April 25–MIDDLETOWN — There were two sides to Russell Dwyer. He was a cop and a comic.
Dwyer, who served as Middletown’s police chief from 1975-87, died Monday night. He was 80.
Longtime friend Ann Mort, who, along with her husband, Dick, frequently traveled with the Dwyers and other couples to Middletown basketball and football games, said he was “a real showman.”
After Middie games, they went to Lakeside Inn, pushed tables together in the dining room, and danced and sang songs playing on the jukebox.
“Russ was fun,” Mort said. “He could have been a stand-up comic.”
He had a serious side, too. Mort said Dwyer enjoyed it when Middletown police officers wore their dress uniforms and hats.
“He was proud to be a policeman,” she said.
Dwyer graduated from Franklin High School, attended Miami University, and was later awarded the Bishop Medal and was a graduate of the FBI Dignitary Protection Academy. He retired after 27 years of service from the City of Middletown/Division of Police, where he served as police chief for 13 years.
He was involved with many organizations and held various positions within the Middletown community; secretary/treasurer for the International Association of Chiefs of Police; secretary/treasurer for the Ohio Association of Chiefs of Police; founder of the Narcotics Division for the City of Middletown; founder of Safety Town; founding committee for the All American Weekend; member of the Chamber of Commerce; member of the Rotary Club; director of safety at Bob’s Truck Service; director of safety and vice president for Excel Trucking; news director for WPFB radio; and a member of the Madison Athletic Boosters.
Rodney Muterspaw, Middletown’s police chief, said he met Dwyer after he had left the department. Every time, Muterspaw said, Dwyer took “a real interest” in his career.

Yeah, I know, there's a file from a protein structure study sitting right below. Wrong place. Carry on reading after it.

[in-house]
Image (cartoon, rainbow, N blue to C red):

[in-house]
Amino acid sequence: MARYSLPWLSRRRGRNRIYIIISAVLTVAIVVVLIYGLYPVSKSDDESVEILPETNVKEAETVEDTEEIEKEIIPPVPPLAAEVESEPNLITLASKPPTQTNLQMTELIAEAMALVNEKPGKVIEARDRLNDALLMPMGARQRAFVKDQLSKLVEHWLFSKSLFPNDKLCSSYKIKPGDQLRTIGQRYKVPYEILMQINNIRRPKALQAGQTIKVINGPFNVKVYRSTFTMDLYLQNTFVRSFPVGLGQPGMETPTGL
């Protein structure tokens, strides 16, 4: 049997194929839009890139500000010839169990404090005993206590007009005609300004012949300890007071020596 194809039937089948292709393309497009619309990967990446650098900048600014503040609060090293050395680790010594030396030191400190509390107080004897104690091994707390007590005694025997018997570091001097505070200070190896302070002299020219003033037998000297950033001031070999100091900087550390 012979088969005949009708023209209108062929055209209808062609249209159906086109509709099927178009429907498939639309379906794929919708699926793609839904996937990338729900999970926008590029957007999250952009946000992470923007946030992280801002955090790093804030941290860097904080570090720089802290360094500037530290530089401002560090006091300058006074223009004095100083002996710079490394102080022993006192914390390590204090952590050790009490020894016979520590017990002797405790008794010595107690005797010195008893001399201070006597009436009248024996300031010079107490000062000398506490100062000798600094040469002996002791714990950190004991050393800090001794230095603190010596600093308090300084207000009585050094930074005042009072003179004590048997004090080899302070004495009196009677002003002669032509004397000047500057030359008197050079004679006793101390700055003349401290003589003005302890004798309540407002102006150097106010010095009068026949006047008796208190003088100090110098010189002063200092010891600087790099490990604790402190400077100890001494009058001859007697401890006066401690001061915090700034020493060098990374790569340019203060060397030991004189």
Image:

“Always came up to shake my hand and said, ‘hello,’ which meant a lot to me as a new officer,” Muterspaw said.
One of Dwyer’s sons, Anthony Dwyer, chief deputy of the Butler County Sheriff’s Office, grew up knowing athletics and police work because of his father. He said his father was “totally committed” to Middletown and the Middletown Police Department.
Russ Dwyer golfed, pitched softball with the police department team and refereed football games for years, his son said.
He also saw his father’s profession at an early age, sneaking down at night when officers returned telling “war stores” from their shifts.
“I didn’t aspire to be a police officer. Not at first,” Anthony Dwyer said. But after college, he took a job in the county jail and moved onto patrol officer then detective.
“I was hooked,” Anthony Dwyer said. “Later in life he told me he was proud of me for what I had accomplished.”
He is survived by his wife of 36 years, Patricia Dwyer; children Anthony Dwyer (Molly), Robert Dwyer, Dennis Cox (Kathy) and Dana Stephens (Matt); sisters Norma Baird and Crystal Harsha (Ron); brothers Roger Dwyer (Kathy), Ralph Dwyer (Joyce) and Paul Dwyer (Marty); eight grandchildren, Russell Dwyer, Anthony Dwyer, Dylan Dwyer, Brandon Dwyer, Ashley Cox, Allison Cox, Alex Cornele and Lucas Cornele; four great grandchildren, and a very special caregiver, Mariah Smith.
Funeral services are at 10 a.m. Friday at Breitenbach Anderson Funeral Home, 517 S. Sutphin St. Burial will be in Springboro Cemetery. Visitation will be held from 5 to 8 p.m. Thursday at the funeral home.
Staff Writer Lauren Pack contributed to this report.
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